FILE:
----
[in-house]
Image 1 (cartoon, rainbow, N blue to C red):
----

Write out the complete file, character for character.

[in-house]
Image 1 (cartoon, rainbow, N blue to C red):